Evolved Combat System :

The combat is focused on the triptych “tank/damage dealer/healer” mechanism, coupled with an exciting threat mechanism: your healer’s spells directly threaten all the enemies nearby, and thus your tank must use his abilities to attract their wrath and protect the healer. The tank must then be able to mitigate a lot of the enemy damage using his defensive skills.
Your last 2 guardians will be the damage dealers, trying to kill the enemies as fast as possible, while they’re busy with the tank.
All guardians get a lot of abilities and not only will using the right one at the right moment be essential to your party’s survival, but also combining different abilities in sequence to maximize their efficiency will be required to vanquish your strongest foes.
It sounds like a lot, but fortunately the game comes with an active pause: you can pause the game whenever you feel like it, check everything, queue the next abilities for your guardians, and then resume the game.

You don’t like tanks, or you don’t like pausing the game? No problem, just lower the game difficulty, and you’ll be able to play without a real tank or pausing. You can precisely tune the difficulty at any time during your exploration.

Unlike old-school FPV Dungeon Crawlers, you don’t have to strafe-turn-strafe-turn all the time in Dungeon Guardians. Your tank comes with serious defensive skills (armor, dodge & parry) that let him handle most of the enemy attacks, as long as the healer backs him up. So most fights are done while standing your ground.
However, occasionally your whole party will have to dodge some extremely powerful enemy attacks, usually by walking back, so you’ll still need some moving reflexes and awareness of your surroundings during the fights.

Built-in Map editor & Modding :

The game comes with a full featured map editor, letting you create your own dungeons. The basics are very simple, but a bit of learning will be required to handle the more advanced puzzle mechanisms.
Additionally, with the Modding SDK, you’ll be able to fine-tune the existing enemies, classes, specializations, abilities, talents, gear, and enchantments, and with a bit of dedication you should be able to add your own, and even add sound FX or music.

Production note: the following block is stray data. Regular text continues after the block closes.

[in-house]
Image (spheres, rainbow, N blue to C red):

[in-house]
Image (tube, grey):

Game Features :

  • 4-character Party
  • Grid-based movement : your party moves 1 square at the time, and turns by a quarter
  • First person view
  • 4 classes, 12 specializations
  • 5 playable races : human, dwarf, elf, dark elf, halfling
  • Active pause (ie: you can pause the game and still queue commands for your party members), and numerous optional auto-pauses
  • 25-50 hours of gameplay, depending on your own skills and the difficulty settings
  • 20 bosses
  • 100 kinds of creatures (including variations)
  • Puzzles (the few ones required to finish the game are easy to solve)
  • A lot of tactical combat
  • Built-in Map Editor & Modding support

System Requirements

Mac OS X
SteamOS + Linux
    • OS: Windows 10/8/7/Vista/XP
    • Processor: 2 Ghz
    • Memory: 3 GB RAM
    • Graphics: Shader Model 3.0 GPU ; NVidia GeForce GTX 260 (2008) or GT 730 (2014), AMD Radeon HD 5670 (2009) or HD7570 (2012) ; the game may run with less good 3D cards, but you’ll have to lower the view distance and the rendering quality
    • DirectX: Version 9.0
    • Storage: 1 GB available space
    • Additional Notes: IGPs are not supported ; the game runs on Intel HD5000 but the framerate is around 20-30 fps even on minimum settings.
    • OS: Windows 10/8/7
    • Processor: 3 Ghz
    • Memory: 4 GB RAM
    • Graphics: Shader Model 3.0 GPU ; NVidia GeForce GTX 760 (2013) or AMD Radeon HD 7950 (2012)
    • DirectX: Version 11
    • Storage: 1 GB available space
    • OS: OSX 10.7
    • Processor: 2 Ghz
    • Memory: 3 MB RAM
    • Graphics: Shader Model 3.0 GPU ; NVidia GeForce GTX 260 (2008) or GT 730 (2014), AMD Radeon HD 5670 (2009) or HD7570 (2012) ; the game may run with less good 3D cards, but you’ll have to lower the view distance and the rendering quality
    • Storage: 1 GB available space
    • Additional Notes: IGPs are not supported ; the game runs on Intel HD5000 but the framerate is around 20-30 fps even on minimum settings.
    • OS: OSX 10.9
    • Processor: 3 Ghz
    • Memory: 4 MB RAM
    • Graphics: Shader Model 3.0 GPU ; NVidia GeForce GTX 760 (2013) or AMD Radeon HD 7950 (2012)
    • Storage: 1 GB available space
    • OS: Ubuntu 12.04
    • Processor: 2 Ghz
    • Memory: 3 GB RAM
    • Graphics: Shader Model 3.0 GPU ; NVidia GeForce GTX 260 (2008) or GT 730 (2014), AMD Radeon HD 5670 (2009) or HD7570 (2012) ; the game may run with less good 3D cards, but you’ll have to lower the view distance and the rendering quality
    • Storage: 1 GB available space